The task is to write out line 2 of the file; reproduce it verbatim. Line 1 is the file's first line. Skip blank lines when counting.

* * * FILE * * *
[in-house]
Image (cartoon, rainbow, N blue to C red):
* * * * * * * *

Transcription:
Image (cartoon, rainbow, N blue to C red):